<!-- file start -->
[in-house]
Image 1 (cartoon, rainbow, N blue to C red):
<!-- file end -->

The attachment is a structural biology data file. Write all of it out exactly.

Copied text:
[in-house]
Image 1 (cartoon, rainbow, N blue to C red):